A grand Cheshire Christmas at Capesthorne Hall
Christmas time at Capesthorne Hall has always been special for Lady Bromley-Davenport. She leads a team of helpers who enhance her elegant country home for the festive season
Capesthorne Hall is a building that needs no introduction. The turreted, red-brick Jacobean style home in Siddington is surrounded by more the 100 acres of Cheshire parkland. It is full of fine art, marble sculptures and Regency antiques. It is a place that has captured the imagination of not only Sir William and Lady Bromley-Davenport, the couple who are proud to call it home, but also that of droves of visitors who cross its threshold every year.
But it is at Christmas that this wonderful country house really comes into its own. For the past seven years the grand rooms of Capesthorne have been adorned with beautiful festive decorations for the public to view.
While you might think specialist interior designers would be brought in for such a huge undertaking, it is the hard work of Lady Bromley-Davenport, the dedicated team at Capesthorne Hall and her children and grandchildren, which brings about the transformation.
Lady Bromley-Davenport, who took a major role in the interior decoration of the hall when her husband, Sir William succeeded to Capesthorne, said: ‘There is not a person here who does not have something to do with the decoration. That is the best thing about it, we’re a fantastic team. There are also volunteers who help because they enjoy it so much. It is wonderful because people also realise just how creative they can be.
‘My oldest friend from America usually comes over. She does decoupage and is very talented and she loves doing this with me. It is a very special time for us all to get together to turn the hall into a special place to be at Christmas. Everyone is very proud of the house and garden.’
While a team of people are busy making decorations for the interior, the estate gardeners produce stunning wreaths to welcome visitors when they reach the front door. The huge 18ft Christmas tree, a striking addition, is also sourced from nearby Macclesfield Forest. The same gentleman has been tasked with this important job for more than 50 years.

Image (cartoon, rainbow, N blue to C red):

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Several treasured family heirlooms and gifts are pulled out of storage. The Santa Claus collection, given pride of place in the entrance hall, is a diverse range of different statues and models of St Nicholas. Many were given to Lady Bromley Davenport by family members including her mum, Mayor Hitchcock, her husband, Sir William, their daughter, Liberty and her aunt, Lib Schley.
There is also a gingerbread house that is covered in sweets every year – something Lady Bromley-Davenport can remember doing at Capesthorne as a child.The downstairs areas are always decorated in a similar fashion with colourful masks placed on several busts of previous Capesthorne residents in the Sculpture Hall. There is also the treasured Santa Claus collection and special ornaments and trinkets collected from different countries.
But the upstairs rooms take on a different theme every year. From November 23rd – 25th, one room will be turned into a carnival, bursting with life and colour; another, once occupied by Dorothy Davenport, will be laid with a traditional dinner table setting and there will be a fun d�cor in the children’s room.
One room will mark this year’s Queen’s Diamond Jubilee, London 2012 and Sir William and Lady Bromley-Davenport’s golden wedding anniversary, which takes place this month.Music also plays an important part in the festive celebrations and two rooms will be turned into concert halls. This year schoolchildren from Smallwood Primary, Marton and District C of E Aided Primary, Pownall Hall School, The Grange School and The Ryleys School, will sing songs. Harpist Jessica Sutton, handbell ringers and members of South Cheshire Young Musicians will also add to the Christmas frivolities and Bostock Singers will entertain the crowds as they arrive in the courtyard.
Lady Bromley-Davenport said: ‘The house is always full of music. There is always an incredible atmosphere. It is quite magical. For the first time we will have music in the courtyard too. Before we open the house people can take lots of time exploring, visit our craft fair, have some mulled wine and mince pies and enjoy all of the traditional things.
‘Then you come in and the first thing you see is the tree and the Santa Claus collection. It feels magical, it is special and I love standing and watching people as they walk in. It is just fantastic.’
Decorating and seeing the hall in its festive finery brings back many happy Christmas memories for Lady Bromley-Davenport. She first visited the hall as a young girl.She remembered: ‘I have been here for Christmases as early as the 50s – there used to always be lots of people staying here. I can remember exactly what it was like and the hall still reminds me of it now.
‘Carol singers used to come the night before Christmas. We used to have Christmas lunch together too and it would be such a special occasion.
‘That is what I love about Capesthorne at Christmas. This is not just a building, this is a home filled with happy memories and it is decorated with that in mind. It is wonderful watching what everyone achieves here at Christmas.’